For me, it was love at first sight with New York City.
I was 17 years old. En route to Madrid on a school trip, my group missed our connection and spent 24 hours in New York. I couldn’t have been more thrilled. I remember lying awake for hours in a rickety hotel, listening to the all-night thrum of voices, car horns, and sirens, enthralled by the city’s ethereal, undimmed glow leaking into the window. After growing up on a quiet Nashville cul-de-sac, I found the big city endlessly exciting and alive.
Although New Orleans is my One True Love when it comes to American cities, I never quite outgrew my crush on New York. I imagine it’s often that way with first loves—their initial solar-flare intensity may fade, but the faintest embers linger. And as bizarre as it may seem, a certain measure of that affection seemed to fix itself on the New York subway.
I know. It’s weird to love a subway. But there’s something about the musty smell of the tunnels, the rumble and flash of the trains, and the proximity of so many people (many of them utterly mad) that makes me feel like I’m in a real city, teeming with ambition and beautiful decay. The tunnels are its vascular system, the clattering trains its corpuscles, the big underground connector stations a series of pulsing hearts.
Granted, New York has a serious case of atherosclerosis. You’d think I could see that fact more clearly after my five-month affair with the startling and unsurpassable Moscow Metro (many years ago), which is not only an architectural marvel, but a well-functioning system that’s easy to use. Whereas New York’s subway is fraught with more difficulties, a few of them described by Dave Barry in one of his most memorable columns, Can New York Save Itself?:
Athough it was constructed in 1536, the New York subway system boasts an annual maintenance budget of nearly $8, currently stolen, and it does a remarkable job of getting New Yorkers from Point A to an indeterminate location somewhere in the tunnel leading to Point B. It’s also very easy for the “out- of-towner” to use, thanks to the logical, easy-to-understand system of naming trains after famous letters and numbers. For directions, all you have to do is peer up through the steaming gloom at the informative signs, which look like this:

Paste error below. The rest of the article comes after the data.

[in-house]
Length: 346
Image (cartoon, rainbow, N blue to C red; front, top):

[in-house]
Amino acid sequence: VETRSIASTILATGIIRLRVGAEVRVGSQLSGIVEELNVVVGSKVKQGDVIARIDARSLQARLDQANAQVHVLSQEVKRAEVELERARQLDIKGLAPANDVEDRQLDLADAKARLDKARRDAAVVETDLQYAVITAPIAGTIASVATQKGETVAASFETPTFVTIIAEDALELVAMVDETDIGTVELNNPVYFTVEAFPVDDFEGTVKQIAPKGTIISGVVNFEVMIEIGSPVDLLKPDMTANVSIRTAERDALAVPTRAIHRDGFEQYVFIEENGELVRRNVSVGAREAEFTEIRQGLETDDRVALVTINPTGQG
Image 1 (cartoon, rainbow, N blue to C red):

A 5 N 7 8 C 6 AA MID-DOWNTOWN 7 3/8
EXPRESS LOCAL ONLY LL 67*
DDD 4* 1 K * AAAA 9 ONLY
EXCEPT CERTAIN DAYS BB ** 3
MIDWAY THROUGH TOWN 1 7 D
WALK REAL FAST AAAAAAAAA 56
LOCALIZED EXPRESS -6
“YY” * 1,539
No matter how much experience a user may have with rational metro systems in places like Madrid, Paris, and London, the New York underground remains inscrutable. I’ll admit it: I’d gotten a bit cocky about my ability to navigate NY’s subterranean arteries, and therefore planned a big adventure this past weekend to deepest, darkest Brooklyn for my favorite ethnic cuisine (Georgian—not available anywhere but Brooklyn and the former USSR, as far as I know). My New-York-resident friend groaned. Suffice it to say that our Brooklyn journey was rather beset by obstacles—among them, that the D train to Coney Island ceased to operate.
Long story short: after much desperate squinting at maps (and finally being rescued by a helpful New Yorker’s guidance), we made it, very late, to Mtskheta Cafe and consumed all the lobio and khachapuri we could contain. The NY subway got us there and back home, if not exactly with style or efficiency, and I love it still.
Love, after all, isn’t about perfection. If it were, we’d all be composing paeans to Geneva or Oslo instead of to New York or New Orleans—far grittier and more imperfect cities. I wonder if some of those imperfections don’t make us love those places all the more. My favorite New York story is of witnessing this scene one day in the West Village: two taxi drivers argued over a parking space. The one who hadn’t won the space screamed something to the effect of “I’ll show you!” in Farsi, threw up his hands, climbed into his taxi, and put it in reverse. Apparently, this was to give him some room to get up a good head of steam. Because he then punched the accelerator, rammed the other taxi, and raced away.
This wouldn’t happen in Geneva, I’ll wager.
Related post: Journeys—New Orleans